Giro d’Italia

Giro d'Italia
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Giro d’Italia, Vuelta a Espana overlap in new cycling schedule

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The Giro d’Italia and Vuelta a Espana will overlap in October as a result of the coronavirus pandemic altering the cycling schedule, with overall UCI World Tour events now scheduled to resume Aug. 1.

It marks the first time two Grand Tours overlap since 1986, when the Vuelta finished on May 13 and the Giro started May 12, according to Gracenote.

Typically, the Giro takes place in May and the Vuelta in August/September.

The Tour de France, normally in July, was previously pushed back to Aug. 29-Sept. 20. The Giro starts Oct. 3. The Vuelta starts Oct. 20 and will be shortened by one weekend as the Dutch city of Utrecht will no longer hold the Grand Depart.

The annual world championships remain as previously scheduled for Sept. 20-27 in Switzerland. The senior elite men’s individual races at road worlds are typically not on the first three days, meaning Tour de France finishers could conceivably take part, though it would be difficult.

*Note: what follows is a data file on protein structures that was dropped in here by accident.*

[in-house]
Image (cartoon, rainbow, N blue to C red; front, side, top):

2020 UCI Men’s World Tour Calendar
-1st August: Strade Bianche (Italy)
-5-9 August: Tour de Pologne (Poland)
-8 August: Milano-Sanremo (Italy)
-12-16 August: Critérium du Dauphiné (France)
-16 August: Prudential RideLondon-Surrey Classic (Great Britain)
-25 August: Bretagne Classic – Ouest-France (France)
-29 August -20 September : Tour de France (France)
-7-14 September: Tirreno-Adriatico (Italy)
-11 September: Grand Prix Cycliste de Québec (Canada)
-13 September: Grand Prix Cycliste de Montréal (Canada)
-29 September -3 October: BinckBank Tour
-30 September: La Flèche Wallonne (Belgium)
-3-25 October: Giro d’Italia (Italy)
-4 October: Liège-Bastogne-Liège (Belgium)
-10 October: Amstel Gold Race (the Netherlands)
-11 October: Gent-Wevelgem in Flanders Fields (Belgium)
-14 October: A Travers la Flandre (Belgium)
-15-20 October: Gree – Tour of Guangxi (China)
-18 October: Tour des Flandres (Belgium)
-20 October – 8 November: Vuelta Ciclista a España (Spain)
-21 October: Driedaagse Brugge-De Panne (Belgium)
-25 October: Paris-Roubaix (France)
-31 October: Il Lombardia (Italy)

2020 UCI Women’s World Tour Calendar
-1st August: Strade Bianche (Italy)
-8 August: Postnord UCI WWT Vårgårda West Sweden TTT (Sweden)